From 30 hours to 2 – what you need to know about the nuclear option change this week

Earlier this week Republican leaders in the Senate used a procedural tactic known as the nuclear option to change the process for confirming judicial nominees. This is the third time the procedural tactic has been used since 2013.

Republicans cheered the change while Democrats have been critical of the tactic. But aside from the partisan mudslinging, what are the facts about this change? What will the new rules mean, and what is the data behind how we got here? What exactly happened with the nuclear option and how are Senate leaders reacting? How will this affect President Trump’s ability to fill vacancies in the federal judiciary?

Ballotpedia has answers to these questions and more below.

What happened?

On Wednesday, the Senate voted 51-48 to reduce post-cloture debate on federal district court nominees from 30 hours to two hours (circuit court judges and Supreme Court justices still have 30 hour limits). The Senate made the same change for executive branch nominees below the Cabinet level.

The two hour period begins after the Senate votes to invoke cloture—the process in which senators agree to end debate and bring a nomination or legislative act to a final vote. Cloture is often invoked to end procedural delay commonly known as a filibuster. It takes 51 votes to invoke cloture on a presidential nominee and 60 votes to invoke cloture on legislation.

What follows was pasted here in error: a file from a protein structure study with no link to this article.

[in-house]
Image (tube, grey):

What is the difference between a federal district court and a circuit court?

Federal district courts are the first level of the federal court system. Most federal criminal and civil cases originate in district courts. There are 94 district courts nationwide, with each state having between one and four associated district courts. There are 677 federal judge positions in the district court system.

Circuit courts are the intermediate appellate level of the federal court system, falling in between district courts and the Supreme Court. There are 13 circuit courts, including 11 numbered circuits which each handle appeals originating in a particular group of states. A 12th court handles appeals originating in the District of Columbia. The Court of Appeals for the Federal Circuit handles appeals which deal with specific subject areas. There are 179 federal judge positions in the circuit court system.

What does the nuclear option actually mean?